Wooden Hats

One of my hopes for this site is that visitors will get ideas for projects of their own. Quite often, I have gotten ideas for projects by looking at objects from other cultures, or other times. One set of examples of this are my wooden kayak hats.
           When I first started building baidarkas, and was researching their construction, I kept running into pictures of native Alaskans in their long-billed wooden hats. The hats looked unusual enough that I wanted to know more about them.
           My experiences in experimental archaeology have taught me that, if you cannot find something out through the historical record, then one solution is to set up an experiment. I set out to make my first wooden hat in order to test it so I could determine for myself what might have been the practical advantages of such headgear. I did not use the exact same woods (I used what I had at hand, as I suspect the original makers did) and I employed more steam bending than carving technique. What I made had as close to the same shape, size, and weight, compared to the originals as I could get, and then I took it out and tested it.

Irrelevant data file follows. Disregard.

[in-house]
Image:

Double Baidarka with Kayak Hats

           As it turns out, quite a lot has been written about the cultural importance, and the potential spiritual importance of the original Alaskan headgear. A great book, which I only came across after starting these experiments is, Glory Remembered; Wooden Headgear of Alaska Sea Hunters, by Lydia T. Black (Alaska State Museum, 1991). There have even been speculative writings on the possible camouflage provided by these hats since they change the profile of the human paddler into something less recognizably human to the mammals that were the prey of the Alaskan hunter. What impressed me, however, was that this was a great and very practical hat for kayaking. Completely waterproof; it provides terrific shelter from rain as well as sun. It is cool, light, if you still think it looks funny; then it also provides entertainment value.
           I have grown so used to these wooden hats that, when I am in one of my boats, I feel totally exposed without one. Oh yes; you can also use these wooden hats as a spare bailer.

Wodden Kayak Hats

         Making wooden hats, like making wooden paddles, or making boats for that matter, is slightly addictive. Now I have a collection of hats.


One Response to “Wooden Hats”

  1. Thatcher Michelsen Says:

    hey those wooden hats look like fun. Great job.

    My dad is the Woodhat master. Johannes Michelsen checkout his woodhats at http://www.woodhat.com


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